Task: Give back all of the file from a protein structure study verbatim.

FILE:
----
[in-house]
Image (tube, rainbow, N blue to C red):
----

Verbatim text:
[in-house]
Image (tube, rainbow, N blue to C red):